Accordingly, applicants should take care to respond to office actions within the shortened statutory period for response without taking an extension of time (prioritized examination provides for typical 3 month time periods for filing replies to office actions). In addition, applicants should take care when preparing amendments to remain within the limited number of pending claims. The same caution applies to preliminary or voluntary amendments, which are permissible under the prioritized examination program.
Tips on Effective Prosecution of Prioritized Examination Cases from MBHB’s Experience
Applicants should consider conducting an examiner interview to build rapport with the Examiner. MBHB professionals’ experience reflects an increase in Examiner cooperation in expedited applications, at least in some cases. While there is surely variability among Examiners, experience suggests that at least some Examiners treat applications on their special docket with an increased willingness to find allowable subject matter. We note, however, that the effect is largely Examiner-dependent, and contrary examples can be found.
Applicants may consider an amendment that violates the claim limitations of the prioritized examination program if it puts the application in condition for allowance. For example, an amendment that casts dependent claims identified as allowable in independent form, or that adds new dependent claims to allowable independent claims may be considered. Even if the amendment causes prioritized examination to be terminated, the application will still be acted on relatively quickly if the amendments put the application in condition for allowance. This may be particularly attractive in a response to a final office action, because such an action terminates prioritized examination anyway.
Strategic Concerns When Deciding Whether to Pursue Prioritized Examination
Requesting Track 1 and/or PE-RCE will naturally depend on the particular goals and interests of individual applicants. In simplest terms, applicants should pursue expedited examination for applications in which they desire fast prosecution.
An early indication of patentability and/or allowability may be useful for applications directed to rapidly developing technologies. Expedited examination may allow for enforceable rights to mature sooner rather than later, which is particularly desirable if the industry is developing rapidly enough that within 12 months an applicant’s competitors will foreseeably be engaging in potentially infringing activity.
The early feedback afforded by prioritized examination may also help applicants determine whether and where to pursue additional protection (a prioritized examination allows for US prosecution to be completed within the 12 month window in which foreign filing determinations must be made). For example, the outcome of prioritized examination may help applicants gauge the allowability and/or patentability of their application before pursuing protection in other jurisdictions, or perhaps before deciding to abandon their application and preserve their invention as a trade secret. If the trade secret approach is desired, a non-publication request must be included at the time of filing.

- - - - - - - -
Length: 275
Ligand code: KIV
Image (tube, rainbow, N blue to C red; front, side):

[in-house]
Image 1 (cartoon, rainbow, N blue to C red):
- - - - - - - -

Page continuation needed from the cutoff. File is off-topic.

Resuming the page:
Prioritized examination may also serve as an early indication of allowable subject matter and a chance to build rapport with the Examiner for an application with additional current or anticipated family members. Applicants may also consider filing a continuation or divisional under the prioritized examination procedure upon receiving a restriction requirement or an office action. The prioritized application will quickly catch up to the original, and both applications can be prosecuted in parallel, likely before the same Examiner. This may be preferable to waiting to prosecute the continuation before a new Examiner, particularly if a good relationship is already established with the current Examiner.
In addition to increased filing fees, applicants utilizing prioritized examination will incur the expenses of patent prosecution much sooner and in an expedited manner than if the application were prosecuted under a typical track. For applicants concerned about conserving resources while the market for their technology develops, prioritized examination may not be a good option. Although, learning that an application is unlikely to receive favorable treatment may persuade applicants to pursue protection in fewer jurisdictions, and thereby reduce total expenses.
The USPTO currently limits the number of Track 1 and PE-RCE cases to 10,000 per fiscal year. Requests for prioritized examination submitted early in the fiscal year, which begins October 1, are therefore more likely to be granted. Applicants may want to check the number of requests already received before filing a request late in the fiscal year.
But, is Prioritized Examination Really the Best Way to Expedite Prosecution?